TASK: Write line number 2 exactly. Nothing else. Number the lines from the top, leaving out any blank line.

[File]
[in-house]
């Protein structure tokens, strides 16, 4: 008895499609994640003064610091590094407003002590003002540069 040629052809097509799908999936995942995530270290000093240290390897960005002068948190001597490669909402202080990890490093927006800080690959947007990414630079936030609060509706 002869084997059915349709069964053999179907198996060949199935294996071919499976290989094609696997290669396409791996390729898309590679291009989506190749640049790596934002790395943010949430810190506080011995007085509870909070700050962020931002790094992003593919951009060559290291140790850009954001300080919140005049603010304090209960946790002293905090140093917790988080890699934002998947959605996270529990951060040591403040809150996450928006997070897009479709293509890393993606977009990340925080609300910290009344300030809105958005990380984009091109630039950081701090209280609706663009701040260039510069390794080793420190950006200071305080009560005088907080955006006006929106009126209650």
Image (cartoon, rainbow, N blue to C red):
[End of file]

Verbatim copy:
């Protein structure tokens, strides 16, 4: 008895499609994640003064610091590094407003002590003002540069 040629052809097509799908999936995942995530270290000093240290390897960005002068948190001597490669909402202080990890490093927006800080690959947007990414630079936030609060509706 002869084997059915349709069964053999179907198996060949199935294996071919499976290989094609696997290669396409791996390729898309590679291009989506190749640049790596934002790395943010949430810190506080011995007085509870909070700050962020931002790094992003593919951009060559290291140790850009954001300080919140005049603010304090209960946790002293905090140093917790988080890699934002998947959605996270529990951060040591403040809150996450928006997070897009479709293509890393993606977009990340925080609300910290009344300030809105958005990380984009091109630039950081701090209280609706663009701040260039510069390794080793420190950006200071305080009560005088907080955006006006929106009126209650």